Detroit public schools face many challenges, and Dan Rather wants you to know how bad it is.
HDNet, a cable and satellite television channel aimed at "men's interests", will air "Dan Rather Reports: A National Disgrace" tonight at 8 p.m. (and again at 11 p.m.).
Here's a clip from the program:
HDNet says the program is "full of heartbreaking images: children sitting in class for days without a teacher; a principal addressing graduating seniors with stories of the violence they’ve seen; and abandoned schools left to rot in an increasingly empty city."
Dan Rather spoke with Paul W. Smith on WJR this morning. He told Smith that he hopes people learn that the nation's public education system needs to be changed:
"What I hope the takeaway will be is that we all, not just people in Detroit, we all should be ashamed of what's happening to our schools and we can change it. But we can't change it on the present course where all decisions are top down instead of being bottom up."
Rather said it was too early to tell whether the changes being made by Emergency Financial Manager Robert Bobb, Detroit Mayor Dave Bing, and Governor Rick Snyder will help.
He cited corruption as a major problem in the Detroit Public School system:
"I don't think this comes as bulletin news to many people in Detroit. But somebody is stealing large sums of money from the Detroit school system. Well over $40 million went out over a short period of time - where it went, nobody can say."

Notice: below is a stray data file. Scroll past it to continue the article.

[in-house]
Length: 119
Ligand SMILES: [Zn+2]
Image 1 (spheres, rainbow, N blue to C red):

Rather said while they reported on the schools they found a "warehouse full of motorcycles" and discovered students who were going without text books for weeks and months. Rather said, "there's been a lot of stealing going on and that needs to stop."
Fox News in Detroit showed clips of the special to Detroit School Board President Anthony Adams. Adams said, "I consider it ... a piece that really bashes the city, bashes the district, doesn't really talk about the accomplishments and the great strides that we've made."
From Fox News in Detroit:
Adams argues the worst years for Detroit Public Schools happened when the state took over the district, replacing the elected school board with appointees and little oversight. That's when, he says, the schools went into a tailspin.
"Former Governor Engler, 1999 state takeover, the district had a surplus, a hundred million dollars. Our test scores were increasing," he told us. "Made most decisions really without any type of public input, and so they take these stories and juxtapose them against an elected board, which really had nothing to do with those situations that occurred in the past of this district."